The organization of information within websites is vital to its overall usefulness. In fact, a study by Morkes and Nielsen (1997)found that their experimental website scored higher in usability when text was
than web pages in their control condition. That is, viewers tend to move quickly from page to page. Instead they usually scan for information that is of direct interest to them. Accordingly, it is suggested that text should be:
Users have grown accustomed to looking in certain areas on a screen to find specific items (Bernard, 2001). Analyzing users' expectations of where they expect specific web objects to be located revealed that generally,
In follow-up study (Bernard, 2002) that analyzed participants who bought at least one item online revealed that:
The figure below shows the combined location expectations for the ten web objects.
The actual usable size to avoid any scrolling at this resolution is 595 x 295 pixels (the safe width for printing at this resolution is 535 pixels). Most users however have their resolution set at 800 x 600 (31%). To avoid scrolling here, the usable size is 750 x 425 pixels. A compromise would be to place the most important information within areas that are visible at lower resolution settings, while placing less important information in areas visible at higher resolution settings.
In addition, when users do scroll, they may not see the information because it is placed in a typically low information-priority area, such as the bottom of a page (Nielsen, 1999) or placed in an area where users typically would not expect it to be placed.
Fluid layouts are significantly preferred to both centered and left-justified layouts. In a study by Bernard and Larsen (2001) participants indicated they perceived the fluid layout (which the margins are not fixed at any particular width) as being the best suited for reading and finding information, as well as having a layout that is most appropriate for the screen size (for both small and large screens). They also indicated that the fluid layout looked the most professional, and consequently preferred it to other layout conditions. Conversely, the consistently least preferred condition was the left-justified layout. A possible reason for the lack of preference for this layout is that users had to horizontally scroll in order to see all the information on the page. As discussed above, users particularly dislike to horizontally scroll.
Links with summaries are perceived as the most usable and are preferred to links without summaries. A study by Baker, Bernard, and Riley (2002) found no statistical differences in search time across conditions with links with summary, links only, and full text. However, the summary condition was perceived as being the easiest in finding information, being visually pleasing, promoting comprehension, participants' satisfaction with the site, and looking professional. The summary condition was the most preferred, while the full text condition was the least preferred. The full text condition was perceived as being most difficult to find information, not promoting comprehension, not being visually pleasing, and not being satisfying.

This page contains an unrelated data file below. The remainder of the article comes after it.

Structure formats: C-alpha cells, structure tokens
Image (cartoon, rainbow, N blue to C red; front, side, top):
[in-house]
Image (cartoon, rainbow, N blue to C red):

Participants reported that they preferred the summary condition over the Links only condition because the brief summaries accompanying the links often guided them to the information they were searching for. Participants commented that, in the links only condition, they sometimes felt as if they were "jumping blindly" into the article. Several participants also reported that they did not like having to scroll through all of the articles in the full text condition. This study suggests that providing a small amount of information about an article on a page is superior to having long, scrolling pages filled with articles.
In presenting a list of links, we found that it is best if they are bulleted. For instance, as discussed in Usability News, Spain compared the accuracy rates for three link conditions: bulleted links, space between the links, and a no bullet/no space condition. It was found that the accuracy rate was
All participants preferred either the bullets or spaces; no one preferred the no space condition (Spain, 1999). In support of this, Parkinson, Sisson, and Snowberry (1985) found that menus with spacing were searched 25% faster than menus without spacing.
Usability Research Lab
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